. . . now we have the final word on who did disclose the name and occupation of Valerie Plame, and it turns out to be someone whose opposition to the Bush policy in Iraq has—like Robert Novak's—long been a byword in Washington. It is particularly satisfying that this admission comes from two of the journalists—Michael Isikoff and David Corn—who did the most to get the story wrong in the first place and the most to keep it going long beyond the span of its natural life.
As most of us have long suspected, the man who told Novak about Valerie Plame was Richard Armitage, Colin Powell's deputy at the State Department and, with his boss, an assiduous underminer of the president's war policy.
* * *
It was Corn in particular who asserted -— in a July 16, 2003, blog post credited with starting the entire distraction —- that:
The Wilson smear was a thuggish act. Bush and his crew abused and misused intelligence to make their case for war. Now there is evidence Bushies used classified information and put the nation's counter-proliferation efforts at risk merely to settle a score. It is a sign that with this gang politics trumps national security.
After you have noted that the Niger uranium connection was in fact based on intelligence that has turned out to be sound [see Hitchens' columns here and here -- TKM], you may also note that this heated moral tone ("thuggish," "gang") is now quite absent from the [book]. It turns out that the person who put Valerie Plame's identity into circulation was a staunch foe of regime change in Iraq. Oh, that's all right, then. But you have to laugh at the way Corn now so neutrally describes his own initial delusion as one that was "seized on by administration critics."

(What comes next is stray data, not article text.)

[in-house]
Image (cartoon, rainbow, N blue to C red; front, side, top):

It gets worse. The Novak column ran in mid-July 2003. The CIA referred the leak to the Justice Department. The investigation stood still for more than two months after Justice swiftly identified the leaker. Here's the crux, from Hitchens:
. . . rather late in the day, at the end of September 2003, then-CIA Director George Tenet himself sent a letter demanding to know whether the law [Intelligence Identities Protection Act] had been broken.
The answer to that question, as Patrick Fitzgerald has since determined, is "no." But there were plenty of senior people who had known that all along. And can one imagine anybody with a stronger motive to change the subject from CIA incompetence and to present a widely discredited agency as, instead, a victim, than Tenet himself? The man who kept the knowledge of the Minnesota flight schools to himself and who was facing every kind of investigation and obloquy finally saw a chance to change the subject.
The Monk has blasted the CIA time and again since starting this blog. And with good reason -- it's role in the Plameout does it no credit.